Wale The Album About Nothing
Published Mar 31, 2015Almost seven years ago, a Washington, D.C. emcee named Wale dropped a Seinfeld-inspired project called The Mixtape About Nothing. The emcee emerged as the prime "backpack rapper" out of the area at the time. Fast-forward to 2011, and the rapper dropped his backpack to sign with Rick Ross' Maybach Music Group and released two more studio albums, but four years later, he has circled back around to the high hopes of 2008 with his newest release, The Album About Nothing. And it's been a long time coming.
Whereas Wale's previous albums, Ambition and The Gifted, hid behind the flash and fame of MMG, what becomes quickly evident on The Album About Nothing is the refreshing transparency of Wale's internal thoughts and future plans. Wale's confidence shines through; rather than trying to live in his past or live up to his star-studded MMG cohorts, he's sincere and unapologetic here. Opening up with the gospel- and go-go-infused "The Intro About Nothing," Wale pays homage to his city, simultaneously highlighting Jerry Seinfeld's role in the making of this album. Wale embarks on a melodic journey of success on "The Helium Balloon," then quickly follows it with the J. Cole-assisted "The Pessimist," which showcases Wale's diversity as he trades bars in Dreamville. After appearing on the Festivus mixtape, "The Girls On Drugs" wedges itself between EDM and Janet Jackson's fun-loving "Deep."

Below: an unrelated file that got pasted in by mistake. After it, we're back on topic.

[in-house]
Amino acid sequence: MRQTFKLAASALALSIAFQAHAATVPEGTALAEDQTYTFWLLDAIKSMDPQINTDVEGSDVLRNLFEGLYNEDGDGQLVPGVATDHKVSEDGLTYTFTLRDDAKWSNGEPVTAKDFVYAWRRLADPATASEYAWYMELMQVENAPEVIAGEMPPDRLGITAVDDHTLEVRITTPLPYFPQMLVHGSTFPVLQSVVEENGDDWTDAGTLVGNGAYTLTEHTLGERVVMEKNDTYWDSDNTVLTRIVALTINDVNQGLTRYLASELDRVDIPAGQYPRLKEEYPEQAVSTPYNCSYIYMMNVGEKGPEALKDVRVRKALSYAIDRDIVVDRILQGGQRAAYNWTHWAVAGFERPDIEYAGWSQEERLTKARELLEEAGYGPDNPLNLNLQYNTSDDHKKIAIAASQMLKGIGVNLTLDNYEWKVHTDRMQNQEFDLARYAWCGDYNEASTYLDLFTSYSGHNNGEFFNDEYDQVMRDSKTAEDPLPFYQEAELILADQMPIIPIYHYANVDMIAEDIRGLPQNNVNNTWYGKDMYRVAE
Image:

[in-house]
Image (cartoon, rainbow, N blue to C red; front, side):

Employing a strong poetic delivery, Wale uses "The White Shoes" to present a bigger narrative about socio-economic issues, bringing an unexpected but effective depth to the album. SZA provides the graceful vocals on "The Need To Know" to the tune of Musiq Soulchild's "Buddy," as Wale sells heartfelt verses of relationships and love. The DMV spitter also recruits R&B crooner and veteran Usher on "The Matrimony" and "The Body," but while the former is triumphant, the latter treads too closely to The Gifted's "Clappers."
Despite a general cohesiveness, The Album About Nothing doesn't come without its missteps. "The Glass Egg" takes on a cinematic feel with the production from AyyDot, but also fails to cohere with the album's tone. Similarly, despite the concrete drums and gospel choir Jake One provides on "The Success," Wale's delivery feels one beat behind of the dramatic instrumental. Still, these few missteps evince the fact that Wale is finding himself again, treading through the high waters to realize his ambitions. And to that end, The Album About Nothing does more than enough. (Maybach Music Group/Atlantic)